Free Language Festival in Hunters Hill (NSW)

The Language Festival Association is hosting a free language festival on Saturday, 15 July 2017, at Gladesville Road Community Centre, Hunters Hill.

Greg CooperThe purpose of this language festival is to promote awareness of language diversity, by providing “tasters” of multiple languages and cultures in a fun environment.

A highlight will be a fascinating presentation by Australian linguist, Dr Gregory Cooper, on ‘Accents and Pronunciation’. In the early 1980s Dr Cooper travelled to remote north-western Pakistan to study an as-yet unwritten language. Just by interacting directly with the native speakers, he was able to learn the language (Kalashamondr), create a system of writing for it and teach it to the Kalasha people, who are now recording and publishing their own stories and songs.

Also presented will be Esperanto, the world’s most successful international language. Apart from its role in neutral and equitable communication, Esperanto can also be useful as a “springboard language”: Because its simple rules have virtually no exceptions, and because its grammatical structure is always clear, starting with Esperanto can give one the confidence and solid grounding that are so important in language learning.

Also at the festival will be sessions on Kalashamondr, Tamil, Bangla, German, Ukrainian, Russian and more.

The festival will be held at Gladesville Road Community Centre, 44 Gladesville Rd, Hunters Hill, from 12 noon to 4 pm.

For more information, visit languagefestival.org.

Image: Dr Gregory Cooper, linguist

Free Language Festival in Liverpool (NSW)

The Language Festival Association is hosting a free language festival on Saturday, 6 May 2017, at Liverpool Library.

Greg CooperThe purpose of this language festival is to promote awareness of language diversity, by providing “tasters” of multiple languages and cultures in a fun environment.

A highlight will be a fascinating presentation by Australian linguist, Dr Gregory Cooper, on ‘Accents and Pronunciation’. In the early 1980s Dr Cooper travelled to remote north-western Pakistan to study an as-yet unwritten language. Just by interacting directly with the native speakers, he was able to learn the language (Kalashamondr), create a system of writing for it and teach it to the Kalasha people, who are now recording and publishing their own stories and songs.

Also presented will be Esperanto, the world’s most successful international language. Apart from its role in neutral and equitable communication, Esperanto can also be useful as a “springboard language”: Because its simple rules have virtually no exceptions, and because its grammatical structure is always clear, starting with Esperanto can give one the confidence and solid grounding that are so important in language learning.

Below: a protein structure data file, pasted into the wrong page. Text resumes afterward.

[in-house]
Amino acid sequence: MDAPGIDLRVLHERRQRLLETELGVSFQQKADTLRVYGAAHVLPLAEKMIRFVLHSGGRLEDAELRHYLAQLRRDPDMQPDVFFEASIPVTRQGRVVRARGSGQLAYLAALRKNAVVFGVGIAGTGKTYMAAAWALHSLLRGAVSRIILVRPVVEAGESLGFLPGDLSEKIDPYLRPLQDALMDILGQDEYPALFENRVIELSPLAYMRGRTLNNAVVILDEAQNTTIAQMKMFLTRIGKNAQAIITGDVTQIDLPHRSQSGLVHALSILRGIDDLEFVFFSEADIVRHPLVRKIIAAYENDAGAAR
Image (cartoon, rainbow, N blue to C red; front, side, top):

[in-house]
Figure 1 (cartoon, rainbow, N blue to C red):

Some other sessions at the festival include talks on similarities and differences between Indonesian and Malay, and between Mandarin and Cantonese, a Vietnamese lantern-making workshop for children, and a multicultural lunch (please bring some food to share).

The festival will be held at Liverpool Library, 170 George Street, Liverpool, from 11 am to 4 pm.

For more information, visit languagefestival.org.

Image: Dr Gregory Cooper, linguist

Free Language Festival in Erina (NSW Central Coast)

The Language Festival Association is hosting a free language festival on Saturday, 3 December, at Erina Fair.

Greg CooperThe purpose of this language festival is to promote awareness of language diversity, by providing “tasters” of multiple languages and cultures in a fun environment.

A highlight will be a fascinating presentation by Australian linguist, Dr Gregory Cooper. In the early 1980s Dr Cooper travelled to remote north-western Pakistan to study an as-yet unwritten language. Just by interacting directly with the native speakers, he was able to learn the language (Kalashamondr), create a system of writing for it and teach it to the Kalasha people, who are now recording and publishing their own stories and songs.

Also presented will be Esperanto, the world’s most successful international language. Apart from its role in neutral and equitable communication, Esperanto can also be useful as a “springboard language”: Because its simple rules have virtually no exceptions, and because its grammatical structure is always clear, starting with Esperanto can give one the confidence and solid grounding that are so important in language learning.

Some other languages to be presented at the festival include: Korean, Japanese, Farsi, German, French, Dutch, Lithuanian and Hindi.

The festival will be held at the Erina Centre, Erina Fair, from 12 noon to 5.30 pm.

For more information, visit languagefestival.org.

Image: Dr Gregory Cooper, linguist

Beijing Esperantist receives award from the Canberra Esperanto Film Festival

Mr Rainer Kurz gives a certificate and a token prize to Ding Xiaosong, whose short film, titled “Esperanto Muzikigas Vian Vivon”, won the ‘Australian People’s Choice’ award of the Canberra Esperanto Film Festival

On 30 March 2014 was the Beijing Esperanto Film Festival. After a talk about the short-films contest, to commemorate the 125th anniversary of the birth of Esperanto, Rainer Kurz introduced the Canberra Esperanto Film Festival, which took place during the Australian Esperanto Summer School and Congress in January 2014. As the founder and director of the festival, Rainer Kurz specially organised the voting to choose the favourite film of the congress participants, while the film Esperanto Muzikigas Vian Vivon (Esperanto makes your life musical) won the award. The Australian Esperanto Association has given a certificate and a token prize of 50 Australian dollars.

More information (in Esperanto)